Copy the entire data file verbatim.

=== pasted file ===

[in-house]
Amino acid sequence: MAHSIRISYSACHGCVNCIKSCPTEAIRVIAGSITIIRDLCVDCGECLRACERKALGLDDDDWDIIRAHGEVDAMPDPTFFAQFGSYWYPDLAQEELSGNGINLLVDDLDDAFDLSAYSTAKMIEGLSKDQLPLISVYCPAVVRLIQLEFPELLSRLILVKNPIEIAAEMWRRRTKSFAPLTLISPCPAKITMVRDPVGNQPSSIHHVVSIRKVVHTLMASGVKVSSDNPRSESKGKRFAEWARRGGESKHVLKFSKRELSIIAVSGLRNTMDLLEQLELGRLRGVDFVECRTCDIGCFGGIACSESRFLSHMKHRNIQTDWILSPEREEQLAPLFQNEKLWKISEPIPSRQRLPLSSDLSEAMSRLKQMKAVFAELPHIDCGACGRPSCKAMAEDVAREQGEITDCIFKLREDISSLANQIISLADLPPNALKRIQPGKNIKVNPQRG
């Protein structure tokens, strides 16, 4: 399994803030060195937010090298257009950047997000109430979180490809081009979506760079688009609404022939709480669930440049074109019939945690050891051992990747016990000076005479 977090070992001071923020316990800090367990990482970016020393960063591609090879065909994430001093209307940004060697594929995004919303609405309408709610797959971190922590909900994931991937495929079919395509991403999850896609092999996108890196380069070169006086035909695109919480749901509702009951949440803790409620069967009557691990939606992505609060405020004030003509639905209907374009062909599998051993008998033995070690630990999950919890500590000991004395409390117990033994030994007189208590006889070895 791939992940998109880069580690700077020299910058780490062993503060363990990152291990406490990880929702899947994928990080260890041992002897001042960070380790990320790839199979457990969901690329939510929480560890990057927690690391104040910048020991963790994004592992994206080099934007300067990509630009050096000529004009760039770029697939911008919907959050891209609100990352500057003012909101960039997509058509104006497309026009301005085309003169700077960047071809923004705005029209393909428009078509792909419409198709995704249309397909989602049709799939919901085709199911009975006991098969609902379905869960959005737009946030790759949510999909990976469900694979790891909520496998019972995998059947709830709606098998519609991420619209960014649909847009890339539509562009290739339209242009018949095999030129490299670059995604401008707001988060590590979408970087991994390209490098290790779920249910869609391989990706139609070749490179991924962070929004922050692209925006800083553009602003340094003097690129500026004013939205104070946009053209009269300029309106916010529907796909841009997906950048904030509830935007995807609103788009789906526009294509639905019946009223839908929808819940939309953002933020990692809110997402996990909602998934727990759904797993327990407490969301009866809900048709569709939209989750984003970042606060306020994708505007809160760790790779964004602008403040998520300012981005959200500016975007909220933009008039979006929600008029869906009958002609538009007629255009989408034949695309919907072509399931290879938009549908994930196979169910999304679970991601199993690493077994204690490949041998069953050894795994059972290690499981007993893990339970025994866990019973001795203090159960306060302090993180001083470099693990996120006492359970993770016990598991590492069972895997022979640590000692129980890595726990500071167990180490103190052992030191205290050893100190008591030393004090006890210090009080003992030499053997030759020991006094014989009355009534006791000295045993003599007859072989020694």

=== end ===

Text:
[in-house]
Amino acid sequence: MAHSIRISYSACHGCVNCIKSCPTEAIRVIAGSITIIRDLCVDCGECLRACERKALGLDDDDWDIIRAHGEVDAMPDPTFFAQFGSYWYPDLAQEELSGNGINLLVDDLDDAFDLSAYSTAKMIEGLSKDQLPLISVYCPAVVRLIQLEFPELLSRLILVKNPIEIAAEMWRRRTKSFAPLTLISPCPAKITMVRDPVGNQPSSIHHVVSIRKVVHTLMASGVKVSSDNPRSESKGKRFAEWARRGGESKHVLKFSKRELSIIAVSGLRNTMDLLEQLELGRLRGVDFVECRTCDIGCFGGIACSESRFLSHMKHRNIQTDWILSPEREEQLAPLFQNEKLWKISEPIPSRQRLPLSSDLSEAMSRLKQMKAVFAELPHIDCGACGRPSCKAMAEDVAREQGEITDCIFKLREDISSLANQIISLADLPPNALKRIQPGKNIKVNPQRG
């Protein structure tokens, strides 16, 4: 399994803030060195937010090298257009950047997000109430979180490809081009979506760079688009609404022939709480669930440049074109019939945690050891051992990747016990000076005479 977090070992001071923020316990800090367990990482970016020393960063591609090879065909994430001093209307940004060697594929995004919303609405309408709610797959971190922590909900994931991937495929079919395509991403999850896609092999996108890196380069070169006086035909695109919480749901509702009951949440803790409620069967009557691990939606992505609060405020004030003509639905209907374009062909599998051993008998033995070690630990999950919890500590000991004395409390117990033994030994007189208590006889070895 791939992940998109880069580690700077020299910058780490062993503060363990990152291990406490990880929702899947994928990080260890041992002897001042960070380790990320790839199979457990969901690329939510929480560890990057927690690391104040910048020991963790994004592992994206080099934007300067990509630009050096000529004009760039770029697939911008919907959050891209609100990352500057003012909101960039997509058509104006497309026009301005085309003169700077960047071809923004705005029209393909428009078509792909419409198709995704249309397909989602049709799939919901085709199911009975006991098969609902379905869960959005737009946030790759949510999909990976469900694979790891909520496998019972995998059947709830709606098998519609991420619209960014649909847009890339539509562009290739339209242009018949095999030129490299670059995604401008707001988060590590979408970087991994390209490098290790779920249910869609391989990706139609070749490179991924962070929004922050692209925006800083553009602003340094003097690129500026004013939205104070946009053209009269300029309106916010529907796909841009997906950048904030509830935007995807609103788009789906526009294509639905019946009223839908929808819940939309953002933020990692809110997402996990909602998934727990759904797993327990407490969301009866809900048709569709939209989750984003970042606060306020994708505007809160760790790779964004602008403040998520300012981005959200500016975007909220933009008039979006929600008029869906009958002609538009007629255009989408034949695309919907072509399931290879938009549908994930196979169910999304679970991601199993690493077994204690490949041998069953050894795994059972290690499981007993893990339970025994866990019973001795203090159960306060302090993180001083470099693990996120006492359970993770016990598991590492069972895997022979640590000692129980890595726990500071167990180490103190052992030191205290050893100190008591030393004090006890210090009080003992030499053997030759020991006094014989009355009534006791000295045993003599007859072989020694």